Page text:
When asked the reason behind the recent turnaround of Loyola, which has won three straight, coach Tom Schneider points to the film sessions that followed an 83-56 loss at Iona on Jan. 19.
"After that game, the team's confidence level was so low that we had to do something to build it up," said Schneider, whose team had lost six of seven. "We decided to show them film of a lot of the good things they were doing earlier in the season."
The first game after those films was against Iona, and the Greyhounds won, 66-65. That began a stretch of five wins in six games, the latest a 67-65 victory over Niagara on Saturday.
"They realized they could be a good team, and the players gained confidence," Schneider said. "They've played better since."
A win over Manhattan at Reitz Arena tonight (Loyola is 6-2 at home) would put the Greyhounds over .500 for the first time since they finished 15-14 in the 1986-87 season.
George Seriekas gave Loyola a spark in the initial turnaround, and the play of Kevin Anderson has helped in the past two games. Anderson had 21 points, on 8-for-13 shooting, against Niagara.
"Tracy Bergan and Kevin Green get the most publicity," Schneider said, "but Anderson has been terrific."
After tonight, Loyola will have four regular-season games remaining before the Metro Atlantic Athletic Conference tournament, which begins March 1.
When John Haase and Chuck Robinson, the starting and backup small forwards, respectively, and their combined 18.8 points and seven rebounds went out of the Navy lineup four games ago with season-ending foot injuries, the Midshipmen expected to struggle. Add Nick Marusich to the injury list, and Navy (6-16, 2-8 in the Colonial Athletic Association) has major problems.
Marusich, a 6-foot-9 center, was able to go 28 minutes in Saturday's 82-73 loss to William and Mary, but was weakened by a stomach virus. He scored 13 of his 15 in the first half, and Navy led by three at the half. Without him for much of the second half, the Midshipmen fell apart and were out-rebounded, 42-33, for the game.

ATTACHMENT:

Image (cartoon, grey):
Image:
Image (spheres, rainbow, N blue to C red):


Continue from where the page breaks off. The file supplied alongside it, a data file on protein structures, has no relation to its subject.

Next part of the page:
"They were missing, but were picking up their own rebounds and scoring," Navy coach Pete Herrmann said. "We only got two offensive rebounds in the second half. When we play with the smaller lineup that limits us, even off the bench."
Marusich, a junior, is no savior for Navy, but he helps with the bulk of the rebounding, along with forward Eddie Reddick. He scores 6.6 points a game, but he seems to get better with Haase (12.4 ppg, 47.3 percent from the field) out. "We were hoping we could play him for 25 to 30 minutes," Herrmann said. "He's coming along just fine and should be tough for us down the stretch."
Coppin State (15-8, 11-1 in the Mid-Eastern Athletic Conference) won its 11th straight Saturday, 81-71, at Florida A&M. Guard Reggie Isaac scored 29 and forward Larry Stewart pulled 11 rebounds and added 23 points (despite an uncharacteristic 3-for-12 shooting from the field).
This could be title week for the Eagles: A win over Bethune-Cookman tonight would clinch a share of the MEAC regular-season championship, and should they follow that with a win over South Carolina State on Thursday, they will win outright.
If Coppin wins the regular-season title this week, absent from thcelebration will be coach Fang Mitchell. On Wednesday, the fifth-year Eagles coach will undergo an operation to remove a benign tumor from the base of his neck and will be hospitalized for three or four days. Assistant coach Derek Brown will take over.
Towson State clinched a tie for the East Coast Conference title with Saturday's 84-76 win over Central Connecticut. Even without guard Devin Boyd, who missed the game with the flu, the Tigers (15-7) improved their ECC mark to 9-0 and tied the best conference start in league history.
While the Tigers were winning on the court, they were making news off the court as well. Towson athletic director Bill Hunter announced Friday that the team would seek membership in the North Atlantic Conference, a move that could mean the demise of the ECC.
"That's good. At least we're taking a step," coach Terry Truax said. "I'm hoping if they [NAC officials] do that, we would be able to play [in the NCAA tournament] next year. That's from a selfish standpoint."
Why is Truax selfish? He has one senior, and his top three players are juniors. Staying in the ECC, which drops to five teams next season, would mean not having a chance to earn an automatic berth in next year's National Collegiate Athletic Association tournament (league would be one team below required amount). By switching leagues and being able to play next season, the Tigers could be shooting for their third straight NCAA appearance.
Also in action during the weekend: Morgan State (5-18, 5-7 in the MEAC) got 24 points from Marcus Sheffield to defeat Bethune-Cookman, 97-85; and Mount St. Mary's lost in double overtime to Monmouth, 87-82.
Player of the Week: Loyola's Bergan. The 6-foot guard from DeMatha High School averaged 17 points and 10 assists in three wins. With 11 assists Saturday night, Bergan established a single-season Loyola assist record with 132, breaking the mark of 124 set by Kevin Robinson in 1975.
Game of the Week: South Carolina State at Coppin State. The Eagles get a chance to avenge their only conference loss.